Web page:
Keith Bernstein Warner Brothers

This interview was originally broadcast on Jan. 15, 2013.

At the Golden Globes, Ben Affleck looked genuinely surprised and delighted twice toward the end of the evening: first when he won best director for Argo, and then again when the film won for best motion picture/drama.

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Movie Interviews
1:18 pm
Fri February 22, 2013

Bradley Cooper Finds 'Silver Linings' Everywhere

Bradley Cooper has been nominated for an Academy Award for his role in the film Silver Linings Playbook.
Jojo Whilden The Weinstein Company

This interview was originally broadcast on Feb. 7, 2013.

Bradley Cooper, who is nominated for an Academy Award for his performance as the bipolar Pat Solitano in Silver Linings Playbook, tells Fresh Air's Terry Gross that he and director David O. Russell approached the role with the idea that Cooper would "play as real and authentic as [h]e could."

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Food
1:13 pm
Fri February 22, 2013

Former Peanut Firm Executives Indicted Over 2009 Salmonella Outbreak

A sign outside the Peanut Corp. of America's processing plant in Blakely, Ga.
Ric Feld AP

Originally published on Fri February 22, 2013 10:26 am

Four former executives from Peanut Corp. of America and a related company are facing federal criminal charges for covering up information that their peanut butter was contaminated with salmonella bacteria.

The charges are related to a nationwide outbreak of salmonella back in 2009. More than 700 people became ill, and federal investigators traced the source of the bacteria to peanut butter manufactured in Blakely, Ga., by the Peanut Corp. of America. The company is no longer in business.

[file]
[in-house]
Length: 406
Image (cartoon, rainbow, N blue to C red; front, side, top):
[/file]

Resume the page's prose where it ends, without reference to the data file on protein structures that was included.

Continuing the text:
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Arts + Life
1:04 pm
Fri February 22, 2013

Midnight In The Garden Of Long Exposures

Hanami (flower viewing), Sakura (Cherry Blossom Festival), Maruyama Park, Kyoto, Japan
Diane Cook and Len Jenshel National Geographic

Feeble human eyes require a certain level of light to see color. Cameras, though, have the magical ability to expose the world at night. Husband-and-wife photographers Diane Cook and Len Jenshel have been playing with long-exposure photography for years — more specifically, in moonlit gardens.

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Technology
1:03 pm
Fri February 22, 2013

Is China's Military Behind Cyberattacks on U.S.?

Transcript

IRA FLATOW, HOST:

This is SCIENCE FRIDAY, I'm Ira Flatow. The Internet is the new battleground.

PRESIDENT BARACK OBAMA: We know foreign countries and companies swipe our corporate secrets. Now our enemies are also seeking the ability to sabotage our power grid, our financial institutions, our air traffic control systems. We cannot look back years from now and wonder why we did nothing in the face of real threats to our security and our economy.